In a pair of papers Pyron and Burbrink (2009a,b) controversially proposed splitting what has long been regarded as a large, transcontinental, polytypic species (Lampropeltis getula) into five separate evolutionary species, based almost entirely on mitochondrial DNA (mtDNA) sequencing techniques and equally tenuous ecological niche modeling. We have noted that the editors of the Center for North American Herpetology (CNAH) names list have enthusiastically embraced these highly counterintuitive taxonomic changes and will doubtless adopt this classification in the next print edition of their "standardized" list. Additionally, given that the second author of these papers has continuously served as a member of the snake taxonomy subcommittee of the SSAR et al. names list, we feel it likely that this proposal will also be adopted by that body despite the controversy surrounding it. We at SWCHR, however, continue to feel that taxonomic changes based solely on mtDNA should be regarded skeptically until/unless those conclusions are also supported by data from alternative methods (e.g., multivariate analysis of morphological characters, etc.) While our questions regarding these papers are too numerous to list here, our reluctance appears to be borne out by recent advances in nuclear DNA analysis that thus far tend to indicate significant discordances between phylogenetic trees generated by nuclear methods versus those employing mtDNA only (e.g., Leache 2010). It is becoming increasingly apparent that nuclear clades - to the extent that they are determined correctly - are more representative of the true evolutionary history of an organism. Thus, in the absence of additional support from morphological and/or nuclear studies, we are choosing to disregard the Pyron and Burbrink proposal and retain the "traditional" arrangement of Lampropeltis getula. In the words of the late Carl Sagan, "extraordinary claims require extraordinary proof." Pyron and Burbrink have made extraordinary claims regarding L. getula, but in our view have yet to provide extraordinary - or at least convincing - proof.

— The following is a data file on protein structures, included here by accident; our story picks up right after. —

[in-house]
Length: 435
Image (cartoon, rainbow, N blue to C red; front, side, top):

Leaché, Adam D. 2010. Species trees for spiny lizards (Genus Sceloporus): Identifying points of concordance and conflict between nuclear and mitochondrial data. Molecular Phylogenetics and Evolution. 54: pp. 162-171. [PDF]
Pyron, R. Alexander and Frank T. Burbrink. 2009a. Lineage diversification in a widespread species: roles for niche divergence and conservatism in the Common Kingsnake,Lampropeltis getula. Molecular Ecology. 18: pp. 3443–3457. [PDF]
Pyron, R. Alexander & Frank T. Burbrink. 2009b. Systematics of the Common Kingsnake (Lampropeltis getula: Serpentes: Colubridae) and the burden of heritage in taxonomy. Zootaxa. (2241): pp. 22-32. [PDF]
1 Mar 2010
SWCHR Committee on Common and Scientific Names
Tom Lott, Committee Chair
Riley J. Campbell
Gerald Keown (ex officio member)
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